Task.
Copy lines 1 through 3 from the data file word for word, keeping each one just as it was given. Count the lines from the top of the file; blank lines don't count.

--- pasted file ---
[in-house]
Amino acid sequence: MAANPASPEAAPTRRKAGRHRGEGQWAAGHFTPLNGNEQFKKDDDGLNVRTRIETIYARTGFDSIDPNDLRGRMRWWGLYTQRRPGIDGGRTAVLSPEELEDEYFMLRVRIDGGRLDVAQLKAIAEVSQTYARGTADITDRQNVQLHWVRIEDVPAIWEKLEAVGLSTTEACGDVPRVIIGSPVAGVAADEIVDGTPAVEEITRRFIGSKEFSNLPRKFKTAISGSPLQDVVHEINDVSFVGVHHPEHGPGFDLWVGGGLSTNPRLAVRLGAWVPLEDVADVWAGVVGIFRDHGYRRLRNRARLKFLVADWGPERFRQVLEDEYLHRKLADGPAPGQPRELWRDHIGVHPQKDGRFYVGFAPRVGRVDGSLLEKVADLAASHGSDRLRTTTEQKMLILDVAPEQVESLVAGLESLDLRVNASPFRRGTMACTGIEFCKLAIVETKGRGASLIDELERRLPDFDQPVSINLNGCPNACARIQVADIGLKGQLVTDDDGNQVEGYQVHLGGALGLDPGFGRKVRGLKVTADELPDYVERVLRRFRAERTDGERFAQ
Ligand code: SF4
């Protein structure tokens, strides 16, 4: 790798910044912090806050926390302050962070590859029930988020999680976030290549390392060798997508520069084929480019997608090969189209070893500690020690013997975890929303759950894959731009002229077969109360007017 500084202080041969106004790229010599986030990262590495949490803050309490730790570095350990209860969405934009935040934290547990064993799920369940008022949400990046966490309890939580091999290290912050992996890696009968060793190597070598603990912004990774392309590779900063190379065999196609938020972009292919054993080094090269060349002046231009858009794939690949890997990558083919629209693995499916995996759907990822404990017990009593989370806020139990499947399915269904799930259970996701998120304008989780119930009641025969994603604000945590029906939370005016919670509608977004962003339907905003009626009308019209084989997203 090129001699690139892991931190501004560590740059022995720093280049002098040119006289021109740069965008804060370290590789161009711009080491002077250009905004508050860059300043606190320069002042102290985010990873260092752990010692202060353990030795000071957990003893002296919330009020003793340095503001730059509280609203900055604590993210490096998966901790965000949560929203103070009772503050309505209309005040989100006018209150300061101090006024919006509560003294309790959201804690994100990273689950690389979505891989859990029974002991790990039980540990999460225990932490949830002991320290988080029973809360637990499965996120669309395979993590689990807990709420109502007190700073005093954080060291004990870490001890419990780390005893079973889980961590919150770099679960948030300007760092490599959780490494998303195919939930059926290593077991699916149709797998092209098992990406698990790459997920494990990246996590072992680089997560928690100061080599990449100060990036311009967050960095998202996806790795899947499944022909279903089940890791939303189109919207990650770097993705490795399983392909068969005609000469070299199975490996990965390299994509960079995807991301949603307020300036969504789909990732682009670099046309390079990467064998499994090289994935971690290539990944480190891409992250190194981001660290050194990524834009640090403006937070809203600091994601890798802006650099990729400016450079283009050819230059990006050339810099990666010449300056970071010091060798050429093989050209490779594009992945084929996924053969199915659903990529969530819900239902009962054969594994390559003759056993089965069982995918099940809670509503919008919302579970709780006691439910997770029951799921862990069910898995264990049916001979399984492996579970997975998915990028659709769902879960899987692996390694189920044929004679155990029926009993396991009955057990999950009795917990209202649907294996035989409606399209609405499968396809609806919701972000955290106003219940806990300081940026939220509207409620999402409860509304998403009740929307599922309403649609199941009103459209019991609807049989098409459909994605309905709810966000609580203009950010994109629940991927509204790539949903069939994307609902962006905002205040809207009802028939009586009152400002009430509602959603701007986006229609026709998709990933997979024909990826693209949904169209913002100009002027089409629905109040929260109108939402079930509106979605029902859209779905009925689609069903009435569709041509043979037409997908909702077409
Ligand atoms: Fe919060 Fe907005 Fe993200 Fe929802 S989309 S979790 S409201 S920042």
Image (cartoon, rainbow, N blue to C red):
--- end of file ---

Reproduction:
[in-house]
Amino acid sequence: MAANPASPEAAPTRRKAGRHRGEGQWAAGHFTPLNGNEQFKKDDDGLNVRTRIETIYARTGFDSIDPNDLRGRMRWWGLYTQRRPGIDGGRTAVLSPEELEDEYFMLRVRIDGGRLDVAQLKAIAEVSQTYARGTADITDRQNVQLHWVRIEDVPAIWEKLEAVGLSTTEACGDVPRVIIGSPVAGVAADEIVDGTPAVEEITRRFIGSKEFSNLPRKFKTAISGSPLQDVVHEINDVSFVGVHHPEHGPGFDLWVGGGLSTNPRLAVRLGAWVPLEDVADVWAGVVGIFRDHGYRRLRNRARLKFLVADWGPERFRQVLEDEYLHRKLADGPAPGQPRELWRDHIGVHPQKDGRFYVGFAPRVGRVDGSLLEKVADLAASHGSDRLRTTTEQKMLILDVAPEQVESLVAGLESLDLRVNASPFRRGTMACTGIEFCKLAIVETKGRGASLIDELERRLPDFDQPVSINLNGCPNACARIQVADIGLKGQLVTDDDGNQVEGYQVHLGGALGLDPGFGRKVRGLKVTADELPDYVERVLRRFRAERTDGERFAQ
Ligand code: SF4